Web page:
Why the U.S. Navy’s Love for Aircraft Carriers Could Spell Disaster

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Summary and Key Points: The U.S. Navy’s commitment to aircraft carriers, particularly the costly and complex Ford-class carriers, is seen as outdated and risky.

-Despite their historical significance, modern threats like China’s A2/AD systems pose significant risks to these vessels.

-The Ford-class, with its $13 billion price tag and extensive build time, exemplifies this strategic misalignment.

-The Navy should redirect funds to more adaptable technologies like Virginia-class submarines, unmanned vehicles, hypersonic weapons, and directed-energy weapons to maintain effective power projection and adapt to contemporary threats.

Ford-Class Aircraft Carriers: Expensive Targets in Modern Warfare?

The United States Navy just can’t quit its love affair with the aircraft carrier.

Since the Second World War, flat tops have been the center of the US Navy’s surface fleet. The primary projector of American maritime power, a fleet without the newest, largest, and most sophisticated floating airbases would not be the same. 

Of course, these aircraft carrier arguments are eerily similar to the ones made by proponents of battleships 80 years ago.

Back then, it was the battleship that was the centerpiece of US Navy power projection and the aircraft carriers that were viewed as strange ancillary elements in the fleet.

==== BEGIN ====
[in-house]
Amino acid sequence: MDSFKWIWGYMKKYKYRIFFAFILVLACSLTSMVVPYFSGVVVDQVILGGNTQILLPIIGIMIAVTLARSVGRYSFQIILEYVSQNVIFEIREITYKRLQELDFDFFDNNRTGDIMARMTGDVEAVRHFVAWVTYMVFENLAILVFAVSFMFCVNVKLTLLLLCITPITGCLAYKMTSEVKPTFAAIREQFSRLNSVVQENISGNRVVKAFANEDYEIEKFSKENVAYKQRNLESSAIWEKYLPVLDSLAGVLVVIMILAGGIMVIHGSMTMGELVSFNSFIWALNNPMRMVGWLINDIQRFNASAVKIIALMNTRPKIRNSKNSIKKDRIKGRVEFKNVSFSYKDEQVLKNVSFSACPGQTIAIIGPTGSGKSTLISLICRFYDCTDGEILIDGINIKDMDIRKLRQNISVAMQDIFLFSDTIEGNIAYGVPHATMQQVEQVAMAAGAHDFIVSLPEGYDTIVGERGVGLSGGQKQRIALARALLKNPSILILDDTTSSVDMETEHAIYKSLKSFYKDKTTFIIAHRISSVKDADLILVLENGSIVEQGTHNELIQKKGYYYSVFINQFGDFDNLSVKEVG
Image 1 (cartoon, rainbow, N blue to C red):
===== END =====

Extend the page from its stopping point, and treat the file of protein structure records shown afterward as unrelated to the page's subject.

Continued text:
That quickly changed after Japan’s surprise attack at Pearl Harbor in the Second World War. 

Today, the Navy (and its supporters in Congress) operates as though it is still 1999. There are no real challenges to American military dominance. Carriers can come-and-go as they please anywhere on the face of the planet. All the locals can do is to stand in awe of America’s might when the flat tops show up to start imposing America’s will on the foreign shores they are deployed to. 

The Enemy Gets a Vote on Aircraft Carriers 

But America’s enemies have other plans. 

Leading this charge against America’s continued global dominance is none other than the People’s Republic of China (PRC). While China has built its own rudimentary carrier force, Beijing has been more interested in depriving the Americans of their number one naval power projection platform: the aircraft carrier. China plans to do this, thanks to their robust arsenal of anti-aircraft/area denial (A2/AD) systems that can basically sink—or seriously damage—an aircraft carrier at the onset of any conflict between China and the United States. 

And these A2/AD systems are infinitely cheaper and easier to replace than an American aircraft carrier. That is one reason that China, Russia, Iran, and North Korea have all invested vast sums into their respective A2/AD capabilities. The cost imbalance creates a strategic imbalance that likely favors the Chinese, Russian, North Korean, and Iranian militaries if it ever came to a showdown between their A2/AD capabilities and American flat tops. 

What’s the Point of the Ford-class Aircraft Carrier?

The Ford-class aircraft carrier is the next-generation aircraft carrier that the Navy is (slowly) building. It is intended to replace the existing fleet of 11 Nimitz-class nuclear-powered aircraft carriers. Thus far, the Navy has deployed the first of this class in 2021—the USS Gerald R. Ford—and the next unit, USS John F. Kennedy (CVN-79) is set for deployment in 2025. After that, in 2028, will come the USS Enterprise (CVN-80). Lastly, the USS Doris Miller (CVN-81) is set for deployment in 2032.